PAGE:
|Tran et al. (2002)||2/14||Mean apparent clearance (L/[kg/day])±SD||1.2||±0.37||1.97||±0.53||2.31||±0.91||2.26||±0.94||2–36 weeks||1.22||±0.54|
|% change apparent clearance||>65%||p < 0.05 vs. PC and PP||>65%||p < 0.05 vs. PC and vs. PP|
|Fotopoulou et al. (2009)||9/9||Median dose/serum concentration (25–75% percentile)||39||(39–41)||77||(68–154)||92||(76–167)||97||(74–110)||On average 3 weeks||35||(35–36)|
|197%||NS||236%||p < 0.05||248%||p < 0.05|
|Pennell et al. (2004)a||14/14||Apparent clearance mg/(mg/L)||52.9||20.8||89||41||133||71||171||100||2–12 weeks (from figure)||66||29|
|% change apparent clearance||191||107||249||142||361||194||150||69|
|Reimers et al. (2011)||17/21||Mean doses (mg/day) ± SD||244||±144||342||±180||At least 4 weeks|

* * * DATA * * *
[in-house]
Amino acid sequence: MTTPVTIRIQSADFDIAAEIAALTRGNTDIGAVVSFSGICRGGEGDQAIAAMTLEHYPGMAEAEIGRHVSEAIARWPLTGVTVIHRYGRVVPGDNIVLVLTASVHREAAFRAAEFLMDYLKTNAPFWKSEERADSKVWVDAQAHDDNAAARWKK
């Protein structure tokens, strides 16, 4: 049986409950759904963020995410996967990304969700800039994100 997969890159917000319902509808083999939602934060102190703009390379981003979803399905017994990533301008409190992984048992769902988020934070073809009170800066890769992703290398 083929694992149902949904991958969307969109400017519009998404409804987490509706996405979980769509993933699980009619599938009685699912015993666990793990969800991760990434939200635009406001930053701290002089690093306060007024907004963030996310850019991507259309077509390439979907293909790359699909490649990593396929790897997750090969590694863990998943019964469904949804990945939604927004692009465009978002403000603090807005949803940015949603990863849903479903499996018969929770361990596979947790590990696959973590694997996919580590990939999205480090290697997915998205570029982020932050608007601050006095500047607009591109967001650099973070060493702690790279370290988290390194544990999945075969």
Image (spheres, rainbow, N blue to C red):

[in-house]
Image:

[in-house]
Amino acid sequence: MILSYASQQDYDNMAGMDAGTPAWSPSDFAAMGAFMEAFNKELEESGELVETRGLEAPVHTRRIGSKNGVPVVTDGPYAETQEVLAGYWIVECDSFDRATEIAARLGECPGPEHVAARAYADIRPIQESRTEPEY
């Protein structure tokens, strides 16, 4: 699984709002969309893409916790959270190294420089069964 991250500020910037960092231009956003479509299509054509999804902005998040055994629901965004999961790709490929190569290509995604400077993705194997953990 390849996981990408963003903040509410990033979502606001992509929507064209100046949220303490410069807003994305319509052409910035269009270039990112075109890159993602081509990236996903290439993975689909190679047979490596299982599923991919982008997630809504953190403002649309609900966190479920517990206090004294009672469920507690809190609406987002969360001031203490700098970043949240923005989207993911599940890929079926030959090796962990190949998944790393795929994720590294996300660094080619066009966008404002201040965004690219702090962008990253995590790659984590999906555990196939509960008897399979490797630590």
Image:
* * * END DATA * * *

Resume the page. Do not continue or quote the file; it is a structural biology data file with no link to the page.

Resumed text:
|% change mean doses||>34%||vs. PC|
|Petrenaite et al. (2005)||11/11||Mean ratio LTG plasma level-to-dose (μmol/l/mg) ± SD||63.5||30.8||46.7||18.3||22.1||5.4||21.7||7.1||6 weeks (from figure)||70||10|
|−27%||NS||−65%||p < 0.01||66%||p < 0.01|
|Öhman et al. (2008b)||8/8b||Mean 2-N-GLUC/LTG ratio||1.02||0.27||Up to 3 months||0.4||0.06|
|% change 2-N-GLUC/LTG ratio||154% >PP||p < 0.01|
|Öhman et al. (2008a)||17/17b||Mean dose/plasma concentrations||227.1||74||At least 1 month||66.5||17.9|
|% change mean dose/plasma concentration||250% >PP|
|LTG 2-N-glucuronide/LTG concentrations μmol/L||0.349||0.141|
|de Haan et al. (2004)||12/12||Weeks 1–10||Weeks 11–20||Weeks 21–30||Weeks 31–40||PP|
|Mean level-to-dose ratios (presented as percentage of baseline ± SD) for consecutive 10-week periods||82%||14%||51%||14%||40%||8%||97%||15%||48%||10%|